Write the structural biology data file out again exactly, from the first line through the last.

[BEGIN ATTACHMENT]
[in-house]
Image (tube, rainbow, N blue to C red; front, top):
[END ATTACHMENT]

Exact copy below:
[in-house]
Image (tube, rainbow, N blue to C red; front, top):